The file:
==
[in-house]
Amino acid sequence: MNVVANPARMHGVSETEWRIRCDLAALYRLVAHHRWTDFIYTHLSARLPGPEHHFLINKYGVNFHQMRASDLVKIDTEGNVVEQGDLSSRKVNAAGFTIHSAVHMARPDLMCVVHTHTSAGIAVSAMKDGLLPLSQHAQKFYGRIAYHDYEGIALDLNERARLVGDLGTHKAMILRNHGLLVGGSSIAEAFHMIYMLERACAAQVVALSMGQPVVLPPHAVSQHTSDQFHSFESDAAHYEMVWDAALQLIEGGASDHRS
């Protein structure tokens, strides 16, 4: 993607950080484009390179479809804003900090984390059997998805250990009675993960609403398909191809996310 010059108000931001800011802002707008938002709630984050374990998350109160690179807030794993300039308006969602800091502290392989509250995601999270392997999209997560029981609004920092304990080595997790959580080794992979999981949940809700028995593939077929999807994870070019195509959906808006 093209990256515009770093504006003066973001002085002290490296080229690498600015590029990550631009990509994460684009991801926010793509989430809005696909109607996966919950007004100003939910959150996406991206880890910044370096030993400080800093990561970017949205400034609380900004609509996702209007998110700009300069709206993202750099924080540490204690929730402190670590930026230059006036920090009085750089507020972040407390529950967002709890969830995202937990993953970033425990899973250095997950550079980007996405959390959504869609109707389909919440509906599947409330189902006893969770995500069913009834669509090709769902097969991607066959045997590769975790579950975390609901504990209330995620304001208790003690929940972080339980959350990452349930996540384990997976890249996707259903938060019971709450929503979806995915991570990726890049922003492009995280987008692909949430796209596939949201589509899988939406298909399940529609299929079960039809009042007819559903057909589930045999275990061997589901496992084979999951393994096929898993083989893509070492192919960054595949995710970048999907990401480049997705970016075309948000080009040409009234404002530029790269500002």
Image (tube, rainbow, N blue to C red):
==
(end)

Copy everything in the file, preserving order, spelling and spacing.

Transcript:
[in-house]
Amino acid sequence: MNVVANPARMHGVSETEWRIRCDLAALYRLVAHHRWTDFIYTHLSARLPGPEHHFLINKYGVNFHQMRASDLVKIDTEGNVVEQGDLSSRKVNAAGFTIHSAVHMARPDLMCVVHTHTSAGIAVSAMKDGLLPLSQHAQKFYGRIAYHDYEGIALDLNERARLVGDLGTHKAMILRNHGLLVGGSSIAEAFHMIYMLERACAAQVVALSMGQPVVLPPHAVSQHTSDQFHSFESDAAHYEMVWDAALQLIEGGASDHRS
């Protein structure tokens, strides 16, 4: 993607950080484009390179479809804003900090984390059997998805250990009675993960609403398909191809996310 010059108000931001800011802002707008938002709630984050374990998350109160690179807030794993300039308006969602800091502290392989509250995601999270392997999209997560029981609004920092304990080595997790959580080794992979999981949940809700028995593939077929999807994870070019195509959906808006 093209990256515009770093504006003066973001002085002290490296080229690498600015590029990550631009990509994460684009991801926010793509989430809005696909109607996966919950007004100003939910959150996406991206880890910044370096030993400080800093990561970017949205400034609380900004609509996702209007998110700009300069709206993202750099924080540490204690929730402190670590930026230059006036920090009085750089507020972040407390529950967002709890969830995202937990993953970033425990899973250095997950550079980007996405959390959504869609109707389909919440509906599947409330189902006893969770995500069913009834669509090709769902097969991607066959045997590769975790579950975390609901504990209330995620304001208790003690929940972080339980959350990452349930996540384990997976890249996707259903938060019971709450929503979806995915991570990726890049922003492009995280987008692909949430796209596939949201589509899988939406298909399940529609299929079960039809009042007819559903057909589930045999275990061997589901496992084979999951393994096929898993083989893509070492192919960054595949995710970048999907990401480049997705970016075309948000080009040409009234404002530029790269500002």
Image (tube, rainbow, N blue to C red):